Surrogate's Courthouse is located on the northwest corner of Chambers and Centre Streets in downtown Manhattan and houses the Court of the same name. The Surrogate’s Court/Hall of Records is one of the finest public buildings in New York. The Beaux Arts style masterpiece is a major example of the early 20th century City Beautiful movement in the civic center, along with the Municipal Building and the New York County Courthouse. The idea behind the City Beautiful movement was to transform cities with spectacular, imposing classical buildings, fine artwork, and broad boulevards. The intention was to provide an uplifting experience for the community. The Surrogate’s Court, with its ornate granite facade and opulent marble interior, still makes people feel good about the city. The building was originally designed for use as a Hall of Records and this was its original name. The Surrogate's Court was one of the original tenants, with courtrooms, offices and chambers on the 5th floor. The building was renamed the Surrogate's Courthouse in 1962.
Planned since 1888 for use as a Hall of Records and home to Surrogate's Court, it took eight years to build, from 1899 to 1907, and cost more than seven million dollars. It was designed by John R. Thomas, a respected and prolific architect who was said to have been responsible for more public and semipublic buildings than any other architect in the country. Thomas adapted his prize-winning design for a new City Hall which was never built. When he died, the Tammany Hall architects Horgan & Slattery took over. The building replaced the old Hall of Records in City Hall Park.
Built of Hallowell, Maine granite, the seven-story, steel-framed structure was intended to be a fire resistant storehouse for the City's records. The front of the building has a triple arched entrance with eight, thirty-six-foot high granite Corinthian columns above. A tall mansard roof caps the facade. The grand marble staircase in the first floor rotunda reflects the architect's appreciation of the Paris Opera House. Philip Martiny and Henry Kirk Bush-Brown, both respected, prize-winning sculptors, produced the 54 sculptures on the exterior. The statues represent allegorical subjects such as Philosophy and Law, as well as the seasons. The Philip Martiny sculptures on Chambers Street represent figures in New York City history, including DeWitt Clinton and Peter Stuyvesant. Praised muralist William DeLeftwich Dodge created the mosaic murals on the interior depicting the signs of the zodiac. The ornate courtrooms are decorated in gilded plaster and carved wood paneling in Santo Domingo mahogany and English oak. Other lavish interior decoration includes chandeliers and detailed bronze door knobs. An enclosed courtyard in the interior of the building extends from the first to third floors with a skylight on the fourth floor.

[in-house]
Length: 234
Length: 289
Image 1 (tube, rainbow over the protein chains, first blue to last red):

It was popular as soon as it was built, appearing in all the guidebooks of the period, and is one of the most cherished buildings in the city today. It has suffered few damaging alterations over the years and is remarkably intact. The interior is a popular site for filming and can be seen in dozens of movies and commercials. It is a designated New York City exterior and interior landmark and is listed on the National Register of Historic Places.